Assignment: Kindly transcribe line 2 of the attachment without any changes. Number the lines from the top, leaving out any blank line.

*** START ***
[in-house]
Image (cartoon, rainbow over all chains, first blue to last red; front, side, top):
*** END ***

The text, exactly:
Image (cartoon, rainbow over all chains, first blue to last red; front, side, top):